The Monthly Mend: 3 tips for recognizing quality clothing

In this series, I’ll be featuring a new topic every few weeks on how to make better choices when shopping and how to take care of your favorite items once they find a home in your closet.

This I Wear: Stitching Samples

How do we shop? Each of us has different priorities, but I imagine that for the average shopper, it goes something like this: (1) a fabric or style catches your eye, (2) you look over the whole garment for cut, (3) you check the price tag, and if it has passed the test so far, (4) you try it on. For those of us without extensive garment construction knowledge, we just want it to feel good and fit our budget. But there are actually a few things you can look for in a garment to make sure you are heading home with something that will last, whether it is from the Gap or Bergdorf’s.

I’ve recruited our resident sewing guru, Lisa, to teach us how to look under the hood of a garment before we commit. So find your garment’s care label and follow Lisa’s tips:

1. The Fabric
Look for breathable long-lasting natural fabrics, such as cotton, wool, linen, and silk. Synthetic fabrics—polyester, nylon, acrylic, Spandex, and more—are less breathable. Often these fabrics simulate a natural fabric counterpart, but the quality and enjoyment of wearing is rarely the same. While Spandex is the necessary evil to getting my skinny jeans on, it can change the fabric’s overall quality and wear. Designer labels do slip in synthetic fabrics in some form in their collections, though I could argue that these synthetics are better quality that what you would find at a mass-market store. You as the consumer can tell by touch: the hand (meaning how it feels when you touch the fabric) is usually of higher quality. If you are still unsure, think about when you will be wearing the item. If you’re headed to an outdoor summer event, opt for cotton or linen rather than polyester to keep you cool. When purchasing a winter coat, an investment in 100% wool over acrylic is wise—wool is naturally water (and snow) resistant, great at regulating heat, and very durable.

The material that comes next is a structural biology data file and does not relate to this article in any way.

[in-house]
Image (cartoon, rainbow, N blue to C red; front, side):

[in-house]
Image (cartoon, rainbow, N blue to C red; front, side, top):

2. The Details
What we don’t see is often more important than what we do see. The stitch length, thread quality, hem type, and seam finishing all come together to create a better garment. The better the details, the longer the manufacturer spent on that garment, raising its quality.

  • Stitches should be tight and close together for maximum durability; larger stitches are reserved for topstitching (the stitching you see on the outside of the garment). Thread should not be too thin or too shiny. Too shiny indicates 100% polyester or nylon thread, which can melt when ironed, particularly when the garment’s main content requires a higher iron heat than the synthetic thread.